The Definition of a "Budget wedding"
What are the aspects that make a wedding a “budget wedding?” Denise explores the definition of a budget wedding in this post.
While on vacation, I overheard a couple say, “We try to save where we can. I bought a coupon book for $100, and after using 4 coupons, it pays for itself!” Mind you, this was while all three of their children were wearing designer sneakers and playing with their own personal iPads. This was when I realized that depending on a variety of factors; the definition of a budget is drastically different depending on who you talk to.
So when we decided on planning a wedding on a $5,000 budget, we thought it was reasonable. With an assumed guest list of under 100 people, that averaged that out to $50 per guest. I knew this was much smaller than the average wedding cost ($26,000+? No thanks!) I’ve always figured that this number was skewed because of those celebrities who have $1 million dollar nuptials. We didn’t really see this as a budget wedding, as much as a wedding that was within our means; a wedding that we could afford without breaking the bank.
When I started talking to newly married friends and family as well as fellow engaged pals, they were all surprised at our number. And those weren’t the only people who were asking about our budget. It seemed like every time someone I knew found out I was getting married and didn’t want to spend a lot, their first question was whether or not I’m jealous of opulence. In the beginning, I never was; I was thrilled that I was going to be spending the rest of my life with the most awesome gentleman I know.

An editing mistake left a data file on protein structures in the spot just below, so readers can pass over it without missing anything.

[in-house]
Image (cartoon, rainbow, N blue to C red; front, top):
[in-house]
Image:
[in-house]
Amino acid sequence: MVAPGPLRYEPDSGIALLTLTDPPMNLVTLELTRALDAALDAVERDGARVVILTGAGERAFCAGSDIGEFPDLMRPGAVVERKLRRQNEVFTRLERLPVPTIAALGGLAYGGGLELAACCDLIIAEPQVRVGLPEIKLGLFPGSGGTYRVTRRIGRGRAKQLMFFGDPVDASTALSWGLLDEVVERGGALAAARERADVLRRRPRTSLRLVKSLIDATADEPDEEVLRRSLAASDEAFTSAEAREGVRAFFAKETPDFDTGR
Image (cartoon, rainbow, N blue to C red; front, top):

Then, the reality of the expense involved with hosting a large-scale event kicked in. I got scared; I worried that we would have to cut our guest list or that we wouldn’t be able to find a venue. It seemed like every other day I was hyperventilating because I thought we couldn’t have a wedding. I would yell something ridiculous like…
“We have to elope! I can’t find flowers for $1!”
“No one will want to sit on metal folding chairs, and renting a better type is too expensive! We have to elope!”
Then, as always, my favorite gentleman would calm me down and remind me that the reception is just a party. He would remind me that we’re getting married, and at the end of the day it doesn’t matter if there are fancy centerpieces or $5 per piece invitations. It only matters that at the end of the day, we’re husband & wife.
I realized how silly it was to think that $5,000 was an unreasonably small amount of money to budget for a wedding. I also realized that no matter how many commonalities you have with your friends and family in regards to general economic standing and financials, weddings are a whole other ball-game.
At the end of the day, your wedding budget should reflect your own personal priorities, values, and financial situation; no one else’s.
So readers, have you had issues explaining or justifying your budget (or as I like to call it “within your means”) wedding to friends, family & the occasional nosy stranger? How do you go about it?